• precision agriculture tools and field robots that can automate many routine cropping tasks, enabling the more efficient use of resources, reducing overuse of fertilisers and pesticides, and helping farmers determine the best times to plant, water and harvest for optimal quality, size and ripeness – especially important when a consistently high-grade product is required (e.g. for export markets or supermarket chains);
  • supply chain logistics tools that make distribution faster and more efficient – especially important when freshness and shelf life are issues;
  • the creation of new, health-promoting grains such as CSIRO’s BarleyMAX;
  • new feedstocks that boost quality, productivity and sustainability, such as CSIRO’s Novacq prawn feed, a natural additive that doesn’t deplete wild fish stocks.

Shelf life

Every food has a shelf life: the length of time after which it will start to deteriorate or, in some cases, become less nutritious or unsafe to eat.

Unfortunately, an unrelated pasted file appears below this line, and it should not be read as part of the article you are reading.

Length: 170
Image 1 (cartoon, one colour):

The benefits of extending the shelf life of fresh and processed foods are many, and extend to producers, manufacturers, exporters, retailers and consumers.

  • The product is available longer for purchase in the store or supermarket;
  • Wastage and product returns are reduced;
  • Produce can be distributed more widely (including overseas); and
  • Seasonal products can be stockpiled and sold at a premium.

Traditional shelf-life extension methods, some of which have been in use for millennia, include smoking and salt curing, pickling, freezing, canning, commercial sterilisation and chemical preservatives.

With fresh foods rather than frozen and ‘shelf-stable’ ones, it’s a different story: consumers are wary of buying fresh produce that’s had preservatives or other additives used to extend its safe, stable shelf life.

It’s critical to keep fresh foods refrigerated (ideally, at 5°C or below) but, according to a CHOICE Magazine investigation into shelf life certain methods of processing and packaging fresh food can add days, even months to its chilled shelf life. Methods currently in use include: